Each year, riverbank erosion displaces up to 200,000 people in Bangladesh. The IPCC estimated that the nation could lose up to 20% of its landmass from just 3 feet of sea-level rise.

"Sea-level rise is already really present" in Bangladesh, Rood said. "As the storm surge gets bigger, there are going to be more problems because there are so many people."

Many climate refugees in Bangladesh are fleeing to Dhaka from rural villages, yet that area is still vulnerable to floods, particularly during monsoon season.

Lagos, Nigeria, is growing rapidly despite the looming threat of sea-level rise.

People and traffic move along a busy street in Lagos, Nigeria, May 24,2005. REUTERS/George Esiri
People and traffic move along a busy street in Lagos.
Thomson Reuters

Lagos' population may be growing, but the city is also becoming more vulnerable to sea-level rise. Hauser said Lagos is particularly susceptible to floods because of its low-lying terrain and location on a river delta. In 2016, researchers found that Lagos could see 260,000 deaths due to flooding in the next 10 years.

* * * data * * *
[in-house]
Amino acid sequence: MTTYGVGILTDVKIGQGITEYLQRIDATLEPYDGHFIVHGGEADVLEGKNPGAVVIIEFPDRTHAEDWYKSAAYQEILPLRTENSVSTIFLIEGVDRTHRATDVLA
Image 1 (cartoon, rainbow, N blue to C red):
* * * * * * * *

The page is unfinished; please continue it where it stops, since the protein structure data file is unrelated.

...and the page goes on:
According to Rood, the increased frequency of flooding and extreme weather in cities like Lagos could make it difficult for the areas to recover after each event.

But both he and Hauser said the effects of climate disasters could be mitigated with appropriate planning and infrastructure.

"Your probability of getting into a car accident is relatively low for any given drive, yet we wear seat belts," Hauser said. "In any given year, your probability of dying is relatively low, yet you buy life insurance."

Similarly, cities should plan for rising temperatures and sea levels, he said.

"We have plenty of examples where if you prepare for these heat emergencies then you can survive them," Rood said. "The question to me is: Do they become so common that it's not worth it anymore?"